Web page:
So, Presidents Day is kind of a vague celebration. The federal holiday is officially called “Washington’s Birthday,” so… are we just celebrating George Washington? Washington and Lincoln? All of the presidents we’ve ever had, or just the ones we like (how are they all going to agree on a cake)? A lot of us probably feel like screaming into the void or spontaneously bursting into flames at the thought of having to celebrate our current president. So, rather than worshiping our elected officials, let’s spend Presidents’ Day doing what appears to be our current president’s least favorite activity: reading. Here are a few books on U.S. history to read this Presidents’ Day weekend. Read more from Charlotte Ahlin for Bustle.

Seminole Patchwork: Admiration And Appropriation

NPR, Feb. 18

colorful garmets displayed on mannequins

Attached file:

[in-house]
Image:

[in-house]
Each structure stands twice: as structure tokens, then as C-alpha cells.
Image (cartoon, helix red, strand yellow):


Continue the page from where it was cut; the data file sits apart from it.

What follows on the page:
Vintage Seminole patchwork on display at the home of Patsy West, in Fort Lauderdale, Fla.
Courtesy of Will O’Leary

Beginning Friday, the New York branch of the Smithsonian’s National Museum of the American Indian will host the exhibit Native Fashion Now, a traveling show from the Peabody-Essex Museum in Salem, Mass. It highlights a dazzling array of contemporary fashion made by dozens of Native American designers.

Native American symbols have long caught the eye of non-Native designers, who are inspired by the bold graphics of artisanal Native American patterns. Imitation and inspiration, though, raise the question of how to credit the source — and whose work is being represented. In Florida, one group of young Seminole seamstresses confronted one of the biggest names in fashion: Donna Karan. Read more from Jacki Lydon for NPR’s “All Things Considered.”

Posted: 22 February 2017
About the Author:

Alex di Giovanni has been editing The Torch since August 2006. Prior to joining the Smithsonian, she worked as a writer and editor for the National Geographic Society, Plexus Scientific, The Nature Conservancy, The National Foreign Language Center and St. Martin’s Press, among others. She has the best job in the world.